What Is Dementia And How Does A Family Deal With It?
Dementia is a psychological and physiological state that includes deficits that occur in a patients cognitive chain of reasoning. The most common manifestation of this disease is a loss of memory that is so profound that it affects the patients ability to successfully interact with others at their work or in their home. Caring for dementia patients is therefore a vital topic for concerned family members.
The most obvious of all dementia symptoms is forgetfulness, but this is not defined as momentary lapses, as in when one forgets car keys or why one is going from one room to another. The forgetful state of dementia will be so profound that it creates difficulties with the patient performing familiar activities, repeating or remembering simple words (thus impairing communication with friends and loved ones) and problems with orientation, where the sense of setting and direction is affected (a patient may travel to a destination, for example, and forget how to return home).
Further symptoms may be lapses in judgment (the patient wears inappropriate clothes for their job or season), problems with mathematical calculations and problems with oriented placement (the potato chips are stored in the oven, for instance). Sudden and violent mood swings or personality shifts will occur; the patient may even become violently angry or openly hostile to loved ones. They may lose all interest in acquaintances, hobbies, interests or even companions.
So what does a concerned family do in caring for dementia patients at home? The absolute first step should be to enlist a medical professionals help. Some doctors have specialized programs to assist both dementia patients and their families with the various crises this condition brings about, while others maintain a hospice or palliative care facility whose team can be effectual in mitigating the patients and familys circumstances, if not the patient symptoms. It is absolutely indicated that a medical professionals services should be secured if the patient shows signs of hurting himself / herself or others.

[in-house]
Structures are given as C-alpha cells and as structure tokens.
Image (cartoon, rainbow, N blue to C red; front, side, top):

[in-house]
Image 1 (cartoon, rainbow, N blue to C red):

What else can be done, once a family has enlisted a doctors help? As difficult as it may be for some, the patient must still be treated with all the love, respect and regard they were accorded before the onset of illness. Beyond that, the family can attempt to set limits on the patients behavior, which take control of various situations, at least when possible. For example, one may need to remind the patient periodically what day it is, what time it is, who everyone around them is or where they are. This is not being condescending to the patient; it is provided needed information that must be repeated over and over in the course of a day. Needless to say, the patient should never be treated as less than an adult.
One can always try to get inside the emotions of the patients mental state (and realize that this will never be fully successful). One can establish a daily routine, peppered through with the small rituals that include washing, food preparation or family prayer. One should allow the patient as much autonomy as possible in these routines, to help preserve their self - esteem.
One should never suppress or gloss over old habits and memories; the patient wants mementos and remembrances (especially things he / she can hold) to give reality an anchor for this. This includes physical proximity; the family should employ eye contact, gestures, touching and hugs. One should never cover over ones own feelings, but always maintain a reasonable calm in interacting with the patient, if possible.
Especially important one should not attempt to control a patients behaviors, since they have special meanings for the patient but may have none for the family members.
Remember, caring for dementia patients is demanding; one should regularly visit a doctor for ones own care as well.